17 November 2021

Rouen et la poterie appelée « faïence »

The city of Rouen is well known for a style of pottery produced there, especially in past centuries. It's called faïence de Rouenfaïence is "earthenware" or "crockery" in English. Earthenware is made from terra cotta (clay) and then coated with a tin glaze before being fired in a kiln. It's a non-vitreous pottery. The name comes from the town of Faenza in Italy, and it's one of the world's oldest styles of pottery.

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According to the Wikipedia article about faience, the first well-known painter of faience in France
began producing such pottery in Rouen in the 1530s. In the 17th century, Rouen and the town of
Nevers on the Loire river were the two mains centers of faience production.

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Many other towns and cities around France began production of faience in the 18th century and became known
for glazes using different motifs and designs. Production declined starting in the 19th century.

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One of the remaining producers of Rouen faience is the Fayencerie Augy in the historic center of the city,
near the cathedral. I think that's where I took these photos in the early 2000s.


  1. Some of these pieces are really beautiful.
    My father used to collect 18th century faïence and china plates and pieces. I have what I think are a blue Rouen faïence hexagonal plate and an oblong china plate. You might remember seeing on the small dresser in the hall of my apartment two Nevers apothecary pots and in the living room a yellow Moustiers cache-pot.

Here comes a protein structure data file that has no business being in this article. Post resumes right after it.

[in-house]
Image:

2. It's interesting to see so many different patterns of faïence, all together.

  3. Interesting that it's a tin glaze that makes them white. I'm partial to the blue and white plate in the last photo.

  4. Faience has always interested me, however, Rouen never appeared in any of my observations. We made sure to visit Moustiers and we purchased a masque and another small piece that would travel easily (perhaps a small vase). You have enlightened me, Ken, with all that I missed when I visited this dear city. Many things to see and visit when I am able to travel again.

  5. Hi Mary,
    A few years ogo, my nieces offered me a lovely Moustiers soap dish with a towel one of them embroidered with my CHM initials.

    1. How sweet of your nieces to get the dish and especially the towel with your initials! The history of Moustiers is part of the reason we were drawn to the little town up on the hill! I can't fathom how someone was able to get a star on a cord across the ravine to the other side! The market was in town that cold day in December but there wasn't much happening and very few tourists (that was in 2000, there was snow still on the trees and streets in Avignon when I arrived by the TGV.)

    2. I never used that towel just to keep it pristine. Yes that was very sweet of them.


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